1. The dose of Lantus should be adjusted up or down if the fasting (eg pre-breakfast) glucose level is consistently high or low (respectively) as those results best reflect the basal glucose levels.
  2. The dose of the pre-breakfast Apidra should be adjusted up or down based on what previous AFTER usual breakfast glucose levels (known as 2 hour post-prandial [=2h pp] levels) were, not any before breakfast test (as those reflect the basal glucose managed by the basal Lantus dose).
  3. Similarly, the dose of the pre-lunch Apidra should be adjusted up or down based on what previous AFTER usual lunch glucose levels (2h pp levels) were, not any before lunch test (as those reflect the effect of the pre-breakfast Apidra, the breakfast and post-breakfast activity it covered).
  4. Likewise, the dose of the pre-dinner/tea Apidra should be adjusted up or down based on what previous AFTER usual dinner/tea glucose levels (2h pp levels) were, not any before dinner test (as those reflect the effect of the pre-lunch Apidra, the lunch and post-lunch activity it covered).
  5. Finally, if the fasting morning test is higher than the after dinner test, one could be experiencing hypoglycaemia (low glucose) during the night resulting in adrenalin and cortisol release which results in higher glucose levels, known as the Somogyi rebound effect. This can be confirmed by doing a middle of night test showing a low glucose (one may need to set an alarm). Manage by either having a supper before bed or if trying not to gain weight, reduce the before dinner Apidra (or possibly reduce the basal Lantus a bit).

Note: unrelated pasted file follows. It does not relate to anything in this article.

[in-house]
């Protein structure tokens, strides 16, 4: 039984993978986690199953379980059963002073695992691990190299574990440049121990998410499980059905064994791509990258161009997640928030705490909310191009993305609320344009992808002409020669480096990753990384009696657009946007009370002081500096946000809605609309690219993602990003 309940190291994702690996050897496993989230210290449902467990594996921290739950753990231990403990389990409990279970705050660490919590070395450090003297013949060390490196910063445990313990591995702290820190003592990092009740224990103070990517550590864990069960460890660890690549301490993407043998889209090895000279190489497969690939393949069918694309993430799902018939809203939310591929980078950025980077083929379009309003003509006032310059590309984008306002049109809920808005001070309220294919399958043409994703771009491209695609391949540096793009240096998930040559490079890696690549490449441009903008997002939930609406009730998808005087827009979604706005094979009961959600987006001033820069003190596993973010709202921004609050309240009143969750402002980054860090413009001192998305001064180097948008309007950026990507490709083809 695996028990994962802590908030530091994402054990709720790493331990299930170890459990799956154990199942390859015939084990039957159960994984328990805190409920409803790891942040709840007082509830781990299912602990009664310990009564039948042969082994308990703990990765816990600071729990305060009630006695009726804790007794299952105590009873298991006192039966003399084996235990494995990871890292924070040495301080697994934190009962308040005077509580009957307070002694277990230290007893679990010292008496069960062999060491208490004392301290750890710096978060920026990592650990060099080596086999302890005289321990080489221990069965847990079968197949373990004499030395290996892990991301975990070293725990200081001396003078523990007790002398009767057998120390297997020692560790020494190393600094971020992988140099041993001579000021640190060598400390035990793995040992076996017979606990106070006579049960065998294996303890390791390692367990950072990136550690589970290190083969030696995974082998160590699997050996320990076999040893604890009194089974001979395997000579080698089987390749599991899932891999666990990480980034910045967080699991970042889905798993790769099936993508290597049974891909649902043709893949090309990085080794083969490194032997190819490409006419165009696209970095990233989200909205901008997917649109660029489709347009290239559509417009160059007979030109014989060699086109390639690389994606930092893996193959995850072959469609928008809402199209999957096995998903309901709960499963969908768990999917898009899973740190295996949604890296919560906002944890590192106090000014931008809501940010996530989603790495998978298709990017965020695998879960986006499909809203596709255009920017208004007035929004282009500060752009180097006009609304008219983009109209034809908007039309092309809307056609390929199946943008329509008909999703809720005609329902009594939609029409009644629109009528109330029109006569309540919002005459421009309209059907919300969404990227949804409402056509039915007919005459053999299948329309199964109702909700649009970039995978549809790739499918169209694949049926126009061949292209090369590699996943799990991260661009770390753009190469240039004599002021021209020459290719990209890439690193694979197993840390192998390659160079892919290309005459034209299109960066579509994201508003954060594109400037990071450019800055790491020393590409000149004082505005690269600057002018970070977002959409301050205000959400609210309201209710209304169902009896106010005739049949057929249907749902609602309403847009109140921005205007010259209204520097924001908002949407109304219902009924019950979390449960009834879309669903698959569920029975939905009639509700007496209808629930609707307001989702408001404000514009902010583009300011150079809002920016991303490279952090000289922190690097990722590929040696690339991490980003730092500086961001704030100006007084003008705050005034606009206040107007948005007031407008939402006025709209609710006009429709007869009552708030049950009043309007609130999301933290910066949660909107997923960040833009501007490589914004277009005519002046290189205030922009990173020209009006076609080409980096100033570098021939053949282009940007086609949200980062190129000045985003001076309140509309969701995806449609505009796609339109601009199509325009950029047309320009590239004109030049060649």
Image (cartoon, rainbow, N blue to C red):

Overall, one needs to look at patterns of glucose 2 hours AFTER the rapid acting insulin has been given and the meal taken. Except for the pre-breakfast test (which best measures basal glucose), any before meal tests are just confirmation that the glucose has returned to normal after the previous meal and unless wildly raised should not influence the decision about how much insulin is needed for the following meal. To see patterns best it is helpful to graph results by time of day in a logbook such as the CareSens Log Book or use the Smartlog Desktop or phone ap (where one should view the Daily Trend overlay graph). Looking at a number of days' 2h pp results at a particular time helps decisions about whether more of less insulin is needed in the future given before that type of meal.

During illness, fasting glucose levels can indicate if the Lantus dose should be increased. Note that illness normally increases insulin requirements but this can change quickly so more frequent testing and watching trends is even more important.
Dr Keith Blayney

 

References:
  1. Guillermo E. Umpierrez, Dawn Smiley, Ariel Zisman, Luz M. Prieto, Andres Palacio, Miguel Ceron, Alvaro Puig and Roberto Mejia "Randomized Study of Basal-Bolus Insulin Therapy in the Inpatient Management of Patients With Type 2 Diabetes (RABBIT 2 Trial)"Diabetes Care 2007 Sep; 30 (9): 2181-2186. https://doi.org/10.2337/dc07-0295
  2. Schmeltz, LR "Management of Inpatient Hyperglycemia" Lab Medicine (Oxford Academic) 2011; 42(7): 427-434
    Lowell R. Schmeltz, MD, Management of Inpatient Hyperglycemia, Laboratory Medicine, Volume 42, Issue 7, July 2011, Pages 427434 https://doi.org/10.1309/LMU72V7QWUDUYQIJ
  3. Eradicating Insulin Sliding Scales : Resource Guide for Pharmacists https://eliminateinsulinslidingscale.weebly.com/